Nearly 70% of rd+d readers surveyed in April said that their company’s construction plans had to change due to supply chain issues. The same survey found that nearly 70% of readers said that permitting is taking longer than it did before the pandemic began. With these stats in mind, it’s clear restaurant contractors and construction have had a rocky couple of years. Almost all new building halted in 2020 with the arrival of COVID-19, and it’s been slow to pick up again — but perhaps not due to lack of demand. Ongoing delays and problems with the supply chain are making it difficult for contractors to get their jobs done. Restaurant designs are changing, too, so contractors are having to incorporate new elements and last-minute additions, such as pickup windows and drive-thrus.
Five restaurant contractors talked to rd+d for Contractors Dish! about the state of restaurant construction right now. They are:
Director of operations
Senior director of construction and facilities
Buckeye Hospitality Construction (for Cameron Mitchell Restaurants)
St. Louis, Missouri
John W. Gardner, Jr.
How is the COVID-19 pandemic affecting your work in restaurants right now?
Waller: It’s taking two to three times longer to get materials delivered. This is particularly an issue with our switchgear and electrical products. This means that what would have taken five months, now takes seven or more. And there’s a 50% to 60% increase in material costs.
We are struggling to find people to work and are seeing a 10% to 18% increase in manpower costs.
But there are some good commercial real estate opportunities. We’re trying to take advantage of those, evaluating overall costs. If the lease opportunity outweighs the increased materials and labor costs and time to complete a project, we’ll move forward.
Spiegelglass: Some [clients] added walk-up windows for order pickup or a separate entrance for third-party delivery companies. Others redesigned their next location entirely to include drive-thrus and larger spaces for outdoor patios.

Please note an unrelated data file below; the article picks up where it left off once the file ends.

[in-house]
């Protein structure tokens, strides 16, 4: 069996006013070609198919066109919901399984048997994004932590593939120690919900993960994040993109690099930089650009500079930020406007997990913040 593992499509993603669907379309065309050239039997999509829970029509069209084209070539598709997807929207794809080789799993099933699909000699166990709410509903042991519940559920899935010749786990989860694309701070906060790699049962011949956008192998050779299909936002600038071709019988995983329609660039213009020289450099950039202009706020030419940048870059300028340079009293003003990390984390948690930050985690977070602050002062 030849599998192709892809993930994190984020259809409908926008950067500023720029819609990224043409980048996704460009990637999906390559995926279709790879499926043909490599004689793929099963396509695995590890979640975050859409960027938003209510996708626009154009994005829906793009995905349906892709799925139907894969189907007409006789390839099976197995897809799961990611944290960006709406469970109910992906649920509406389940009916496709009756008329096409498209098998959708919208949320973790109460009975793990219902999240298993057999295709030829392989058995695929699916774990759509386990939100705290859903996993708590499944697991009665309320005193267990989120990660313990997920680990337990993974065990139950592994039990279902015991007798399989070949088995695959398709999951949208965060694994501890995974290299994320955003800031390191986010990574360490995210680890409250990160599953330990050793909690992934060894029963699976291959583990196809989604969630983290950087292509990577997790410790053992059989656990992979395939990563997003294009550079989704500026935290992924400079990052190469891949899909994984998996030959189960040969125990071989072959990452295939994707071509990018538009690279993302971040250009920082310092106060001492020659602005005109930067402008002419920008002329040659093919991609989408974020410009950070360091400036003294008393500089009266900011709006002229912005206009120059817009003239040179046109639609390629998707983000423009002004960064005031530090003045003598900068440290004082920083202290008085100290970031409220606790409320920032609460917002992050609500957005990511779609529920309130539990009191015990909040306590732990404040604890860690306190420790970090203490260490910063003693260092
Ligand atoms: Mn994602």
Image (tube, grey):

We’ve worked with clients for years that have commissaries or ghost kitchens as part of their business model; those that didn’t have them, have been considering that option in their growth plans.
Taylor: Dining rooms are 10% to 15% smaller or eliminated and we’ve seen a decrease in the number of seats.
What are your biggest challenges?
Taylor: The biggest challenge is getting the project started. The bidding has gotten tighter, the budgets are getting tighter, the designs are changing to be more cost-effective.
We’re helping our clients value-engineer their concepts without stepping on design intents or brand intent. That could be purchasing alternative materials, and because of shortage of materials — for national brands that might have certain materials they use — we’re looking at alternatives. We’re substituting materials, in some cases more expensive than the original spec, because at some point you have to decide if it’s more important to get the restaurant open or save money.
Spiegelglass: Restaurants really need to stand the test of time. They can get pretty beat up, so everything from cleanable surfaces to kickplates to high quality floors can make a big difference in longevity.
Working with different municipalities on the process of permitting and approvals can pose challenges. Every municipality does things differently, so the process can vary greatly.
Finally, each industry has its own regulations and inspections, but foodservice tends to have additional layers of approvals. Inspections with the local health departments are extremely precise.
Gardner: Some projects have complicated mechanical systems, some projects have high-end finishes, some projects have complex lighting systems, but restaurants can have all of these. [Restaurants have all] that, along with sound systems, massive equipment, furniture, and signage packages to coordinate — plus all of the normal things required to construct a space. So, with most projects you may have an intense labor investment coordinating one trade while in a restaurant you have that on almost all trades.
What are your biggest challenges when working with clients?